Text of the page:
Today the Supreme Court issued its decision in Romag Fasteners, Inc. v. Fossil, Inc., ruling that trademark owners need not prove willfulness to disgorge infringers’ profits. Justice Gorsuch authored the opinion for the Court, which vacated and remanded a contrary decision by the Federal Circuit. Justice Gorsuch’s opinion was joined by every member of the Court except Justice Sotomayor. Here are the details.
Justice Gorsuch framed the question presented as whether the “categorical rule” adopted by the Federal Circuit (and other Circuits)—that trademark owners may disgorge infringers’ profits only after showing willful infringement—“can be reconciled with the statute’s plain language.” He concluded that it cannot be.
He noted that the language of statute “spells trouble for Fossil,” which supported the requirement to prove willfulness. The statutory section governing trademark dilution does explicitly require willfulness to disgorge profits, but the section Fossil relied upon for its cause of action does not. Justice Gorsuch noted that the Court usually does not “read into statutes words that aren’t there.” He also found no support for Fossil in the statute’s structure. Other sections mention mental states and set various mens rea standards, and so the “absence of any such standard in the provision before us, thus, seems all the more telling.”
Justice Gorsuch rejected Fossil’s remaining arguments. While Fossil relied upon language that an award of profits is “subject to the principles of equity,” he explained that this contention “would require us to assume that Congress intended to incorporate a willfulness requirement here obliquely while it prescribed mens rea conditions expressly elsewhere throughout the Lanham Act.” Moreover, he wrote, the more natural meaning of this phrase in the context of the statute suggests fundamental rules that apply more systematically across claims and practice areas. Other areas of intellectual property do not include this prerequisite. And anyway, he went on, “it’s far from clear whether trademark law historically required a showing of willfulness before allowing a profits remedy.”
“At the end of it all,” Justice Gorsuch’s opinion for the court explains, “the most we can say with certainty is” that “[m]ens rea figured as an important consideration in awarding profits in pre-Lanham Act cases.” And while there are policy arguments in favor of a requirement of willfulness being a prerequisite to disgorgement of profits, the Court indicated “the place for reconciling competing and incommensurable policy goals like these is before policymakers” rather than the Court.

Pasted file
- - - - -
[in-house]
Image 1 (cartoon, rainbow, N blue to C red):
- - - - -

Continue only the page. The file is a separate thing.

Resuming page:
Notably, Justice Alito filed a short concurring opinion, which Justices Breyer and Kagan joined. In it, Justice Alito expressed his view that “[t]he relevant authorities, particularly pre-Lanham Act case law, show that willfulness is a highly important consideration in awarding profits under §1117(a), but not an absolute precondition.” This concurring opinion effectively highlights that the majority opinion does not indicate that willfulness is a highly important consideration in the relevant analysis.
Justice Sotomayor filed an opinion concurring only in the judgment. She diverged from the rest of the Court because, in her view, “[t]he majority suggests that courts of equity were just as likely to award profits for such ‘willful’ infringement as they were for ‘innocent’ infringement.” In her view, “that does not reflect the weight of authority, which indicates that profits were hardly, if ever, awarded for innocent infringement.” In particular, she believes a “district court’s award of profits for innocent or good-faith trademark infringement would not be consonant with the ‘principles of equity’ referenced in [the statute] and reflected in the cases the majority cites.” Thus, while the majority and Justice Alito focus on willfulness, Justice Sotomayor goes to the opposite extreme, indicating that good-faith infringers should not be forced to disgorge their profits.
The immediate impact of the Court’s decision was to vacate the judgment and remand the case to the Federal Circuit. And the Court’s holding allows for the possibility that disgorgement of profits may be available even when a trademark owner cannot show willful infringement. But the majority opinion’s statement that “[m]ens rea figured as an important consideration in awarding profits in pre-Lanham Act cases” likely highlights the continuing importance of willfulness even after this holding. The holding, therefore, seems unlikely to make a significant impact in most cases. Time, however, will tell.